Next week, the Indian Ministry of Electronics and Information Technology is expected to put into effect rules that could significantly limit the ability of companies that operate in India to protect their users. It would effectively prohibit the use of security technologies like end-to-end (e2e) encryption. In turn, this means that the users of these companies’ products, which include things like social networks and messaging apps, are at a higher risk of having their sensitive communications and conversations exposed. Potential laws and rules like these would harm the wider security of the internet and lead to all internet users interacting in a less safe and secure way.
So, what is this rule, and how could it result in this negative impact on security? The rules, which are proposed amendments to the Information Technology (Intermediaries Guidelines) Rules under the Information Technology Act, have the goal of combating the spread of misinformation online. One of the ways they would attempt to do so is by requiring companies to be able to trace the originator of a given piece of content on their platform. While fighting misinformation in society is a laudable goal, this traceability requirement could significantly hamper security. In order to understand why you have to know a bit about e2e encryption.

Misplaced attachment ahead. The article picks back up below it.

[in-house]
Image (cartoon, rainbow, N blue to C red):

All encryption (not just e2e encryption) involves encoding a message so that the recipient needs a key to see it. In non-e2e systems, the messaging platform has that key, and so could decode and read the messages if it wanted to. In e2e systems, only the creator and recipient of the message (the two endpoints of the communication, hence the name end-to-end) have the key, so the platform couldn’t see the message even if it wanted to. This is a great security and privacy tool, because it means the users don’t have to place all that much trust in the platform. They can have confidence that platforms won’t leak their data or mine it for ads because it can’t!
Of course, that means that the platform also can’t know who was responsible for creating or posting a given piece of content, because it doesn’t know who sent what. So if India’s rule goes into effect as currently proposed, in order to comply, platforms will have to forgo using e2e encryption, or create “backdoors” into the system (which means it isn’t really e2e). Further, while not in the current proposals, this would also open the door to greater government scrutiny of communications on these platforms.
If this rule is implemented in India (and potentially copied by other nations) it could force companies to create two types of systems – one that uses e2e and one that doesn’t. Companies might well justifiably balk at the cost and complexity of that approach and simply build less secure systems. That would weaken the overall safety of the internet ecosystem, harming users around the globe. Alternatively they could remove themselves from the Indian market altogether, depriving 1.2 billion people of state-of-the-art internet security. Neither of these are good outcomes.
We hope the Ministry of Electronics and Information Technology will reconsider the final version of these rules and strike the traceability requirements that will inevitably have serious unintended consequences.